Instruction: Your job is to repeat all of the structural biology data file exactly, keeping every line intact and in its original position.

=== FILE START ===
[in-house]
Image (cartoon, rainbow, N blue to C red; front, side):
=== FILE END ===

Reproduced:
[in-house]
Image (cartoon, rainbow, N blue to C red; front, side):